hotel tax

Pictured is Hampton Inn, located at 1922 North Jackson St., Tullahoma.

Coffee County now officially has 2.5% hotel tax on the books.

On June 11, the county commission voted to adopt the new tax, effective July 1.

The hotel tax, also known as lodging or occupancy tax, will be collected countywide. The tax will not apply to camping at festivals.

In the two cities, that rate would be in addition to the existing occupancy tax rates – 5% in Tullahoma and 6% in Manchester.

In rural Coffee County, the hotel tax would be applied for the first time.

There are currently no hotels in the rural part of the county; however, according to the law (T.C.A. 67-4-1401), “hotel” is defined as “any structure or space, or any portion thereof, that is occupied or intended or designed for occupancy by transients for dwelling, lodging or sleeping purposes” and includes “any hotel, inn, tourist camp, tourist court, tourist cabin, motel or any place in which rooms, lodgings or accommodations are furnished to transients for consideration.”

While county officials say they never intended for the tax to apply to camp sites, it’s not clear if camping offered at festivals falls under that definition.

There was a discussion during the June 11 meeting as to whether the tax should apply to camping at the Bonnaroo and Exit 111 music festivals.

Some commissioners argued that the county has no authority to exclude the camping at festivals from the definition of “hotel.” Others said that Bonnaroo brings significant revenue to the county through sales taxes, and it would be appropriate for organizers to get a tax break.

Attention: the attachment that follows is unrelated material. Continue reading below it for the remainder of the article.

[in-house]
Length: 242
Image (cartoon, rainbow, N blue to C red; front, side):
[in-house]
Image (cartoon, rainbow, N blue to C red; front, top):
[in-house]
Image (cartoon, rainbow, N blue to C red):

Voting

County officials had two options. The first option was to approve a resolution including the definition of “hotel” as it is in the state law.

The second option was to include a “clarification” in the text, which would essentially exclude the festivals from the definition of “hotel.”

The text is as follows: “For clarification, this definition does not have application to any special event for which the promoter of the event authorizes attendees to that event to stay overnight on the premises for which such utilization is only for the purpose of the event.”

Seven commissioners voted to approve the hotel tax resolution without that clarification, with 12 commissioners casting a “no” vote. That vote failed.  

The final vote was for the resolution which would guarantee a tax break to the festivals. It received 17 favorable votes, one unfavorable vote and an abstention.

Two commissioners were absent. 

 

Revenue

The revenue generated by this occupancy tax will be used to support local tourism and economic development.

County officials say the tax will raise about $280,000 per year.